Cyclin D2 Is Essential for the Compensatory β-Cell Hyperplastic Response to Insulin Resistance in Rodents

  1. Rohit N. Kulkarni2
  1. 1Larry Hillblom Islet Research Center, University of California, Los Angeles, David Geffen School of Medicine, Los Angeles, California;
  2. 2Joslin Diabetes Center and Department of Medicine, Harvard Medical School, Boston, Massachusetts.
  1. Corresponding author: Rohit N. Kulkarni, rohit.kulkarni{at}, or Anil Bhushan, abhushan{at}
  1. S.G. and C.H. contributed equally to this study.


OBJECTIVE A major determinant of the progression from insulin resistance to the development of overt type 2 diabetes is a failure to mount an appropriate compensatory β-cell hyperplastic response to maintain normoglycemia. We undertook the present study to directly explore the significance of the cell cycle protein cyclin D2 in the expansion of β-cell mass in two different models of insulin resistance.

RESEARCH DESIGN AND METHODS We created compound knockouts by crossing mice deficient in cyclin D2 (D2KO) with either the insulin receptor substrate 1 knockout (IRS1KO) mice or the insulin receptor liver-specific knockout mice (LIRKO), neither of which develops overt diabetes on its own because of robust compensatory β-cell hyperplasia. We phenotyped the double knockouts and used RT-qPCR and immunohistochemistry to examine β-cell mass.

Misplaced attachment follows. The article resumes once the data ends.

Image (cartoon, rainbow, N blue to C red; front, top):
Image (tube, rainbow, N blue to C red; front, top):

RESULTS Both compound knockouts, D2KO/LIRKO and D2KO/IRS1KO, exhibited insulin resistance and hyperinsulinemia and an absence of compensatory β-cell hyperplasia. However, the diabetic D2KO/LIRKO group rapidly succumbed early compared with a relatively normal lifespan in the glucose-intolerant D2KO/IRS1KO mice.

CONCLUSIONS This study provides direct genetic evidence that cyclin D2 is essential for the expansion of β-cell mass in response to a spectrum of insulin resistance and points to the cell-cycle protein as a potential therapeutic target that can be harnessed for preventing and curing type 2 diabetes.


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    • Received June 3, 2009.
    • Accepted January 7, 2010.

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